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VOICES Center of Excellence Symposium

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Click here to view a photo gallery of the Symposium.

 

On Friday, April 3, 2015, VOICES hosted its annual Resiliency Symposium, "Promoting Resiliency in Communities Impacted by Trauma: Identification and Treatment of Long-Term Needs." This year's Symposium was an insightful day that featured presentations, panel discussions and interactive educational speakers led by accomplished clinicians, authors, and researchers. We were pleased to bring together this group of professionals with expertise in the fields of psychology, research, occupational health, and medicine.

The event was supported by our generous co-sponsors The World Trade Center Health Program, the United Way of Central Jersey, and the Rutgers School of Social Work.

The day-long event included presentations by subject matter experts who have provided support services for children, families, responders and survivors impacted by 9/11. The Symposium also offered information to mental health professionals, emergency managers, students, and other community stakeholders working in the field of trauma. Among the day's highlights are the following:

Richard Edwards, Ph.D., Executive Vice President for Academic Affairs at Rutgers, opened the event. Dr. Edwards has been a longstanding supporter of VOICES work since our New Brunswick, New Jersey office opened in 2009. As former Dean of Rutgers Social Work School, Dr. Edwards has a unique understanding how traumatic events impact individuals and communities and recognizes the importance of our work.

Mary Fetchet, LCSW, VOICES Founding Director spoke about the long-term needs of victims' families, responders, survivors and their families. She defined the impacted community well beyond those who were directly impacted. "We recognize that 9/11 was a defining moment in the history of our country, a national tragedy with international scope." She also noted that, individuals don't "get over it", they learn to live with it, and create new meaning in their lives.

In her presentation, Suzanne Phillips, Psy.D., noted that the road from trauma to hope and healing is neither predictable nor time-sensitive. For individuals, families, couples and caregivers, it is a journey made possible by the safety of connection, the words that narrate healing, the power of understanding, the grief that transforms loss, and the self-compassion that fosters resiliency and self-care. Said Dr. Phillips, "It is a journey that we don't have to take alone."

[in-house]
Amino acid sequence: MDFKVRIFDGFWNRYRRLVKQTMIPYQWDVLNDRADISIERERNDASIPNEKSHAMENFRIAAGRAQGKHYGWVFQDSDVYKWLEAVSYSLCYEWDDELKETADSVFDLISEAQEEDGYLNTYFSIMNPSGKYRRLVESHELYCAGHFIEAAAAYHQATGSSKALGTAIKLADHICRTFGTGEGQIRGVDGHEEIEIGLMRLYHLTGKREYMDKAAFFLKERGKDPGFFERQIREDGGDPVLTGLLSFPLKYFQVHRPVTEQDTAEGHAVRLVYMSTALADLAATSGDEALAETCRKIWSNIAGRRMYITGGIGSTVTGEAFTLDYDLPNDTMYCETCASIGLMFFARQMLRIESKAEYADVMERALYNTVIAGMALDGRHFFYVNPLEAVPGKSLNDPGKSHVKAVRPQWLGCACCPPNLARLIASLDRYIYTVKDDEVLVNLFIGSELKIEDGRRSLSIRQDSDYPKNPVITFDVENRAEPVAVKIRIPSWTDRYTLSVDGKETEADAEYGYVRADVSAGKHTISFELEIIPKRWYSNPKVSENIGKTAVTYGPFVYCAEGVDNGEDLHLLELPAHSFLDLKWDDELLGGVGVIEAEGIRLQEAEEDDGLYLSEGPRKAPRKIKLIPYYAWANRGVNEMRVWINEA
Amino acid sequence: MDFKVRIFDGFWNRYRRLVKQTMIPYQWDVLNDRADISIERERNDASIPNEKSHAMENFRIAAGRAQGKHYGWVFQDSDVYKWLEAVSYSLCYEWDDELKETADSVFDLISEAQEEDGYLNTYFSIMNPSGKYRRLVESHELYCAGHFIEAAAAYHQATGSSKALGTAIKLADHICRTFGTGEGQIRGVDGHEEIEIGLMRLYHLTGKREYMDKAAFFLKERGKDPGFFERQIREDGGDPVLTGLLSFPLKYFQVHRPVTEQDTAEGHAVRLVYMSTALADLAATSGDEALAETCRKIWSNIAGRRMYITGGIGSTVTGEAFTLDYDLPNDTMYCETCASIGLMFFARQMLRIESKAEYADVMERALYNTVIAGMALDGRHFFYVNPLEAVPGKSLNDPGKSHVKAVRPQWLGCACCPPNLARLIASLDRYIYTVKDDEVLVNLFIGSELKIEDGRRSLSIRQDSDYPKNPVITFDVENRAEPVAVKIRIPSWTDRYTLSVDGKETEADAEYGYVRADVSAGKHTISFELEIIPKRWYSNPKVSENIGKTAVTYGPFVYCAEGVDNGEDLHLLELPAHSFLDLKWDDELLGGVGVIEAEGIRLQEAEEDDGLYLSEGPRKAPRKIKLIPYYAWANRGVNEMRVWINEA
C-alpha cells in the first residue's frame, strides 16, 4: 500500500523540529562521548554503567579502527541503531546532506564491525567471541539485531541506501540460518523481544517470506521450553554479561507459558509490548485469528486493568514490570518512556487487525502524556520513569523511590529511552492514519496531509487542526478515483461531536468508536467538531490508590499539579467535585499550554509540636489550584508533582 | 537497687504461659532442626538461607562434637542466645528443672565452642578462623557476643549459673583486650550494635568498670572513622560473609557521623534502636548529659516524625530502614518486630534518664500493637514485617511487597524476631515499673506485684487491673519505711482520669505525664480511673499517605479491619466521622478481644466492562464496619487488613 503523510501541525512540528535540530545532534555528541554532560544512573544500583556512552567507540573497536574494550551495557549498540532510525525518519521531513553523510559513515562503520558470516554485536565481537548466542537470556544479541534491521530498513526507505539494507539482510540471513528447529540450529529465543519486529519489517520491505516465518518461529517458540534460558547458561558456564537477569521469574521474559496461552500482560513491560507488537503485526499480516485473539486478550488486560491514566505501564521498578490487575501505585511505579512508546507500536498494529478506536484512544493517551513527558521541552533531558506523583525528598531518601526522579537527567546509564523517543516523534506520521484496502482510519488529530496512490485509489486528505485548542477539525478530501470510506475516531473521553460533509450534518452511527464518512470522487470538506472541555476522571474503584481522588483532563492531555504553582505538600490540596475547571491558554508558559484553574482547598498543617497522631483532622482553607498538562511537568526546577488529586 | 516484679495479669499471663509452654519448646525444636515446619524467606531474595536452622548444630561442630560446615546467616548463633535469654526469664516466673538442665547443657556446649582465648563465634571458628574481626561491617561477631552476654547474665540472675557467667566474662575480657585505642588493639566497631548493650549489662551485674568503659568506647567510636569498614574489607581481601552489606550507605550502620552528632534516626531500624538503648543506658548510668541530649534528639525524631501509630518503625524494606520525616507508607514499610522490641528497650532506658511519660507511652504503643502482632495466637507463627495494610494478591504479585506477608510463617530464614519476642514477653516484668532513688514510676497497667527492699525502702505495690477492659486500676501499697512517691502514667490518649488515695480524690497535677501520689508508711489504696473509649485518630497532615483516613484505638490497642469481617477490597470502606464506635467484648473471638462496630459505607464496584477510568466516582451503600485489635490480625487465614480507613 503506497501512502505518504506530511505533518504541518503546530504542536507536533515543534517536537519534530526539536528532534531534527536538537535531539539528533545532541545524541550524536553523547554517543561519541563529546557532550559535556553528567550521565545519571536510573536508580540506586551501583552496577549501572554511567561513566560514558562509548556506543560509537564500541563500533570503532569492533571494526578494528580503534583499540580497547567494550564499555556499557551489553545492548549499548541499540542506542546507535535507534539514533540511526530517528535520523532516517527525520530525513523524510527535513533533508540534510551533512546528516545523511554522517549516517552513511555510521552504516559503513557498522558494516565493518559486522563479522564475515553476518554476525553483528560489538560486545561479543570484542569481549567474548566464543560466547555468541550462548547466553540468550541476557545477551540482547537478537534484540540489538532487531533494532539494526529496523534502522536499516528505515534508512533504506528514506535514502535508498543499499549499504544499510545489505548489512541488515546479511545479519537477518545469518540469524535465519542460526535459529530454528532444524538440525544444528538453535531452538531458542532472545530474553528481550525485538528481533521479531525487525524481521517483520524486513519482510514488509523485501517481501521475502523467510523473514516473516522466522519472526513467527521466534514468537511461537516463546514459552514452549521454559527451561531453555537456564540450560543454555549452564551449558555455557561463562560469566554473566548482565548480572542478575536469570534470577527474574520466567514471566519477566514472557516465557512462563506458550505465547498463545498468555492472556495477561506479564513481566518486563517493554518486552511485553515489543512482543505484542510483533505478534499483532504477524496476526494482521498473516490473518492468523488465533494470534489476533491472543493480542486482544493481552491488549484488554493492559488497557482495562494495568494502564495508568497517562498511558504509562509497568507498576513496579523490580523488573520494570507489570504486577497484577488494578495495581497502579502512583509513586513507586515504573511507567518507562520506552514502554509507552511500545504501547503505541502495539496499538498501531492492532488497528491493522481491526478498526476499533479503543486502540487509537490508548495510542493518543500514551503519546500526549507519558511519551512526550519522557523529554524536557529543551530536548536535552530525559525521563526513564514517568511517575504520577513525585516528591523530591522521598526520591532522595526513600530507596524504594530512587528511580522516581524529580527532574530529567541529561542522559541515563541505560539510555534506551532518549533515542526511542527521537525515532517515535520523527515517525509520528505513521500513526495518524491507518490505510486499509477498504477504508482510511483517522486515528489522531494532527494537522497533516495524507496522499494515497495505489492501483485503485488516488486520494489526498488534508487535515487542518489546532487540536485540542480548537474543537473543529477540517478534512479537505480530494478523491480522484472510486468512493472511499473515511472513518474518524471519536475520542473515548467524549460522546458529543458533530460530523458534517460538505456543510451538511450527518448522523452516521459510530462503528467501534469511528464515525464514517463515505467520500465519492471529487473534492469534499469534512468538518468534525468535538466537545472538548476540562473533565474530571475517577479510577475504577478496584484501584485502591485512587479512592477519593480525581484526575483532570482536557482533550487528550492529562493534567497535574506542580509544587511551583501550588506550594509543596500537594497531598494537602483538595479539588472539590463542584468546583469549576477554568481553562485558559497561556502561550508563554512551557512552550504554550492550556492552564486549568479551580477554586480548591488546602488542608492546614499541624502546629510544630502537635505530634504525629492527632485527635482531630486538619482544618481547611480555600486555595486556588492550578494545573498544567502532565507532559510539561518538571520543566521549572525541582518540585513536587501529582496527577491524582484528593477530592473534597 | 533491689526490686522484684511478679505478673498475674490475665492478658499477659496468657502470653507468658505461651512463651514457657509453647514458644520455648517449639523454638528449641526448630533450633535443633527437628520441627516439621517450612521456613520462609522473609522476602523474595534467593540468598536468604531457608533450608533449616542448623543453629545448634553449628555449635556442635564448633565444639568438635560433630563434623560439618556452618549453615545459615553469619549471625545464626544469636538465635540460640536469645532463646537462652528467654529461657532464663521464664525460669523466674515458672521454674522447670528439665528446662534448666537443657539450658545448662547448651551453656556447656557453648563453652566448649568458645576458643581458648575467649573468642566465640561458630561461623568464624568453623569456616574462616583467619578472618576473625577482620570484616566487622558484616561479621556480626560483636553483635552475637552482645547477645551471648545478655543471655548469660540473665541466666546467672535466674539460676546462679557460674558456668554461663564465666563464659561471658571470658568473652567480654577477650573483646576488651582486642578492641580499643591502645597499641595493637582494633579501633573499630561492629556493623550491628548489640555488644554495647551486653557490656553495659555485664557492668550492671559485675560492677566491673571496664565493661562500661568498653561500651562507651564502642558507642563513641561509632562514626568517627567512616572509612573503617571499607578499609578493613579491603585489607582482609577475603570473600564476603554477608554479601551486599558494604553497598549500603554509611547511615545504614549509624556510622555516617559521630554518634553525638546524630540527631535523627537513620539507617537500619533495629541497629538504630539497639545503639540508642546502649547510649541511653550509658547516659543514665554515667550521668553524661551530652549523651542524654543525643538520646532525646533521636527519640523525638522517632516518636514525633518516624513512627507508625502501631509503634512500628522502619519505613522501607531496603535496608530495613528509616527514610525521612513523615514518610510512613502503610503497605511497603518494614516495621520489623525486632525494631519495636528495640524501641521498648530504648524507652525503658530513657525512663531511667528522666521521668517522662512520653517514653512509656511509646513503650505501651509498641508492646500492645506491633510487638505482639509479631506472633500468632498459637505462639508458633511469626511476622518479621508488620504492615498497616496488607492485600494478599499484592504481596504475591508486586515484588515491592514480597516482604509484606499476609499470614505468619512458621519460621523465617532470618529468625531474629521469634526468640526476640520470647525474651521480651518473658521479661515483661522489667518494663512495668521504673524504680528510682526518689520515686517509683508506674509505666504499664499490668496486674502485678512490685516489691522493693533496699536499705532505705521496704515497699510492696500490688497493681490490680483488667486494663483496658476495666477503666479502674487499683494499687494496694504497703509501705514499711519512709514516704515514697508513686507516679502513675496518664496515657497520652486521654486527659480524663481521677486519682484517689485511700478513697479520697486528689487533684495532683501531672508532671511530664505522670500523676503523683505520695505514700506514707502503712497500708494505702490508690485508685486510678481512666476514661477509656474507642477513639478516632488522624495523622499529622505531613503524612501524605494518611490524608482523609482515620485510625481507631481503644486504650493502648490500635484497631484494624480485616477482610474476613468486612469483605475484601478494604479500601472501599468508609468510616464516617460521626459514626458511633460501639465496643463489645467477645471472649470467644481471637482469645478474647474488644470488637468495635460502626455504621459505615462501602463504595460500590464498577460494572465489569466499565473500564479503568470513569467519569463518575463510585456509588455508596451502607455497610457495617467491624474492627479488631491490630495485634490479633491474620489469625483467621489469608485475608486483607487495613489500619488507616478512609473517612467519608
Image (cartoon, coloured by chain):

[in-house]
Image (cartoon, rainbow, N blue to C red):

During their panel discussion, Mickie Brown, RN; Craig Haen, Ph.D.; and Maureen Underwood, MSW, LCSW discussed ways to promote resiliency in children, families, and responders. They identified the challenges in doing so, as well as the long term implications for families who have experienced trauma.

Ronald Quincy, Ph.D., Professor of Professional Practice at the Rutgers School of Social Work, opened the afternoon session. Dr. Quincy spoke passionately about the role of social workers responding to international tragedies, and how we are all interconnected in serving the greater good.

Also participating in the Symposium were Dr. Alex Kehayan and Dr. Joseph Napoli, authors of Resiliency in the Face of Disaster and Terrorism: 10 Things to Do to Survive. Dr. Kehayan and Dr. Napoli identified the 12 assets of resilient individuals, how experience can enhance resilience, and five themes for fostering resilience. Our attendees put these principles into practice through a collaborative experiential learning exercise.

Dr. Iris Udasin, Medical Director of the EOHSI Clinical Center at Rutgers, discussed the physical and mental health issues in the responder population she treats, including an important update on concerns regarding cancer issues among her patients. Dr. Steven Stellman, Professor of Clinical Epidemiology at Columbia University's Mailman School of Public Health, described the scope and goals of the World Trade Center Health Registry, including recent research findings in the areas of respiratory health, chronic diseases, and mental health conditions. Clifton Lacy, M.D., Director of the Institute for Emergency Preparedness and Homeland Security at Rutgers,

"Events like the Symposium provide us with the chance to come together as a community, and to share our lessons learned with those providing services to victims' families, responders and survivors," noted Ms. Fetchet. "We were impressed by our presenters' dedication to helping families and communities, and their focus on promoting hope and healing in the lives of those they work with."